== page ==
Buyer raises concerns about sustainability

Local mushroom buyer Butch Sheaves is concerned some newbies to the mushroom trade may be coming in overzealous to cash in and are putting the industry’s sustainability in jeopardy.

“Certain areas are getting hammered to death and the mushrooms aren’t getting a chance to flower out,” he said. “This new crowd has just devastated everything…

We’re going to lose some areas, by the look of it, just from over picking.”

The West Coast’s mushroom season is in full swing and spores of newcomers have arrived eager to join the chanterelle rush.

He said chanterelles should not be picked until they’re at least the size of a quarter but some pickers are bringing in mushrooms closer to the size of a dime.

“We call them baby killers,” he said. “Nobody likes to see that.”

He noted mushrooms are bought by the pound so there is no economic advantage in picking them early rather than letting them grow.

He encourages pickers to rotate through several picking spots to give each spot time to regroup and said mushrooms only need 10-12 days to graduate from too small to perfect.

The mushroom picking industry is largely unregulated and Sheaves suggested a permitting process could potentially help reduce the threat of over picking.

“It would be a way of controlling what devastation is taking place,” he said.

Sheaves also urges pickers not to pull mushrooms out from their roots.

“When you do that it destroys the grounds,” he said. “Cut them at the base and leave the root system in.”

Outside of some pickers potentially violating the industry’s unwritten rules, Sheaves said the local mushroom season has picked up after a slow start and he’s seeing seasoned pickers bringing in an average of 30 pounds a day.

“There are certain areas now that come in late in the year; they’re just starting now and the amount of new growth in some areas is really looking good,” he said. “We’ll get another month out of it here.”

Just Posted

Surf Canada Nationals coming to Wick Beach in the Pacific Rim National Park Reserve

“We have a really good thing going here with Surf Canada.”

Cleanup event helps Tofino’s shorebird habitats

“These birds shouldn’t be using plastic and marine debris to build their nests.”

BC Ferries to pilot selling beer and wine on select routes

Drinks from select B.C. breweries and VQA wineries to be sold on Swartz Bay to Tsawwassen route

Tofino and Ucluelet raise over $185K for hospital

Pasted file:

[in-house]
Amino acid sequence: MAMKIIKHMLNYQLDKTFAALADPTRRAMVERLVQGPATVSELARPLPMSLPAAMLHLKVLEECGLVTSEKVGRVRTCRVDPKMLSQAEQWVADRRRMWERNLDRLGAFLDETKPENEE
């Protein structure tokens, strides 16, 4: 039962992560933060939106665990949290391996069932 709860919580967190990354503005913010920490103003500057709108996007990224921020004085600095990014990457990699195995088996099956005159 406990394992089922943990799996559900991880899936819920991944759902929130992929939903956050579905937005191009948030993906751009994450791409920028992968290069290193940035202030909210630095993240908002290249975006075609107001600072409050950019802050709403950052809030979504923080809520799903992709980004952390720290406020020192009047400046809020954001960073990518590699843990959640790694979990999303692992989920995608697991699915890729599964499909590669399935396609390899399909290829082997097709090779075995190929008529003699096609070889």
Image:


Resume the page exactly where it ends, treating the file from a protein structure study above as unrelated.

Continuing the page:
“It’s a statement of our town’s values and what makes it so special to live here.”

Fisheries Department announces conservation measures to protect chinook in B.C.

Urgent protection measures include closure of a commercial fishery involving seven endangered stock

Parliament Hill 4-20 organizers predict record crowd after legalization

A celebration? Yes, but organizers say concerns remain about the government’s decisions on legalization rollout

B.C. mountain biker sent home from hospital twice, despite broken vertebrae

Released in Maple Ridge to go home with three fractured vertebrae

Deck collapses in Langley during celebration, multiple people injured

Emergency responders rushed to the Langley home

Chaos at the ferry terminal for people heading from Vancouver to the Island

Easter crowds create backlog at Tsawwassen ferry terminal

B.C. RCMP receive application for Police Cat Services

RCMP announced the launch of the Police Cat Services unit as an April fools joke

Kirkland Signature veggie burgers recalled due to possible metal fragments

Recalled products came in 1.7 kg packages with a best before date of Apr. 23, 2019

Parents of 13 who tortured children get life after hearing victims

One of their daughters fled their home and pleaded for help to a 911 operator

Flooding, climate change force Quebecers to rethink relationship with water

Compensation for victims of recurring floods limit to 50% of a home’s value, or a maximum of $100,000

Storms blast South, where tornadoes threaten several states

9.7 million people in the Carolinas and Virginia at a moderate risk of severe weather

Most Read